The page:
SCOTT TAYLOR, Canadian Meat Business Magazine 

For most Canadian beef producers, “sustainable” beef has always been a fact of life. It’s unlikely you’ll find a farmer or rancher in the country who doesn’t believe his operation is sustainable.

However, Sustainable Beef (yes, in capitals) has officially come to this country and Canada’s beef producers had better be prepared: Prepared for something that isn’t even defined yet.

As it is, Fawn Jackson believes Canadian cattlemen have a great story to tell and when anyone asks her about “the Sustainable Beef industry.” Jackson wants to do everything she can to take what is still a somewhat vague concept and make it clear and verifiable.

These days, that’s a tough job. However, it soon could get a lot easier. On Sept. 24 and 25 at Duncan Lake Ranch in Kelowna, B.C., the Canadian Roundtable for Sustainable Beef will hold its first major meeting. At least, it will be the first major get-together since the group was formed back in June.

At this meeting, a growing number of eclectic partners, including the Canadian Cattlemen’s Association, McDonald’s Restaurants, the World Wildlife Federation, Loblaws, Nature Canada, Costco, Cargill, the Manitoba Beef Producers, the Royal Bank, Wal-Mart, the Barley Council of Canada, Merck Animal Health, the Saskatchewan Cattlemen’s Association, the Alberta Beef Producers, the Beef Farmers of Ontario, A & W Restaurants, the Alberta Conservation Association and Ducks Unlimited will come together to clearly establish the Sustainable Beef industry in Canada.

Why? Because it will probably be the most important thing Canadian beef producers do for the next two years even though many aren’t sure want it is they’re supposed to be doing. After all, McDonald’s Canada purchased 70 million pounds of Canadian beef last year and McDonald’s has made it extremely clear that by 2016, the company will purchase only “verified Sustainable Beef.”McDonalds_SustainableBeef_1020

This should come as no surprise to anyone in the industry. McDonald’s, along with Cargill, JBS Foods and a slew of other multinationals, was at the forefront of the creation of the Global Roundtable for Sustainable Beef back in 2011.

By its own definition, “The Global Roundtable for Sustainable Beef is a global, multi-stakeholder initiative developed to advance continuous improvement in sustainability of the global beef value chain through leadership, science and multi-stakeholder engagement and collaboration. The GRSB envisions a world in which all aspects of the beef value chain are environmentally sound, socially responsible and economically viable.”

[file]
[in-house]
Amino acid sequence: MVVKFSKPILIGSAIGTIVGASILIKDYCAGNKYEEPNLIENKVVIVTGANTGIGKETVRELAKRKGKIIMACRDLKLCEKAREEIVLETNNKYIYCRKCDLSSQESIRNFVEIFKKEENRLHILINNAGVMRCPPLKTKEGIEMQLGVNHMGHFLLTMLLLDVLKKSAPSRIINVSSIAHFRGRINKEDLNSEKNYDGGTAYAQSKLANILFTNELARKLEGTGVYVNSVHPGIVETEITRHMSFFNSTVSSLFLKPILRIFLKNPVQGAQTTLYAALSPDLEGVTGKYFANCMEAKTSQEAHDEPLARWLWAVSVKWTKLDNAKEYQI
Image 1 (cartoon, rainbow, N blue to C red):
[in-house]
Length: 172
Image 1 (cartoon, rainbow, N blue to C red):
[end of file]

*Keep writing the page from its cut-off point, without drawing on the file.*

And at the global level, those are “The Three Pillars” that guide the GRSB: “That Sustainable Beef is (1) Environmentally sound, (2) Socially Responsible and (3) Economically viable.” Period.

Of course, it’s important to note that The Global Roundtable for Sustainable Beef was not created by some eco-conscious committee at the United Nations. Instead, it’s an initiative of McDonald’s Restaurants, Cargill, Elanco Animal Health, Merck Animal Health, Wal-Mart, JBS Food, Solidaridad (a Dutch organization that believes in fair and sustainable trade) and the World Wildlife Fund.

As a result of its influence on the GRSB, McDonald’s chose Canada — specifically Alberta — over Australia and Europe in May of 2014 as the site of its first pilot project in its somewhat ambitious goal to serve only “Sustainable Beef” in its restaurants around the world. In many ways, Alberta is the perfect choice: The province is home to about 40% of Canada’s cattle herd and about 80% of the country’s beef processing. It also has more experience in beef production than most regions of the planet.

“We’ve got all the building blocks right here,” said Bryan Walton, chief executive of the Alberta Cattle Feeders’ Association. “We’re a beef nation. We have the land base, we have the know-how and we have the infrastructure.”

According to Jackson, they also have the animal welfare standards.

“Canada’s animal welfare standards made it a natural fit for a pilot project like this,” Jackson said proudly. “We really are global leaders in this area.”

That’s true and yet “Sustainable Beef” is an initiative that’s still looking for a definition, at least in terms of practicality and application. Currently, there is no action plan, only the hypothetical. So now that McDonald’s has forged ahead and put the spotlight on Alberta to be the testing ground, it’s a lot like putting the cart before the horse inasmuch as the largest purchaser of beef in Canada has launched the first step without (a) a plan and (b) a proven way to track and achieve the goal of serving nothing but Sustainable Beef.

The meeting in September will attempt to provide an applicable timeline and turn something that is still a wonderful idea — a legitimate idea, to be sure — into an actual working model with identifiable scope.

Jackson, the Manager of Environment and Sustainability for the Canadian Cattlemen’s Association isn’t necessarily the driving force behind Sustainable Beef in Canada. That title would probably go to McDonald’s. However, Jackson is convinced that the initiative is good for everyone in the industry and like many of her colleagues at the CCA, she is committed to making it work.

“It’s clear to me and many of our partners that the market is sending a pretty strong message that consumers want sustainable products and they also want proof of that sustainability,” Jackson said during a telephone interview from her office in Calgary.

“McDonald’s has announced a commitment to source verified sustainable beef by 2016. A&W currently claims its beef has been raised at the leading edge of sustainable production and Wal-Mart continually promises to deliver more sustainable agricultural products. So we (The Canadian Cattlemen’s Association) have been taking great strides to ensure that Canadian cattle producers are appropriately prepared to address this growing consumer and market demand.”

Jackson comes by her position at the CCA honestly. After all, she grew up on a purebred Charolais, Simmental and seed farm in Inglis, Man., near the Saskatchewan border. She staffs the CCA’s environment committee and is part of a handful of research initiatives involving industry, government and international federations. She represents Canadian cattle producers at the Global Roundtable for Sustainable Beef, the Commission for Environmental Co-operation, the International Meat Secretariat Sustainable Meat Committee and the Five Nations Beef Alliance Sustainability Committee. In fact, she actually has played the lead role in setting up the Canadian Roundtable for Sustainable Beef.

And even she has written: “There is no precise definition of Sustainable Beef and how sustainable beef production is proven continues to be a mystery.”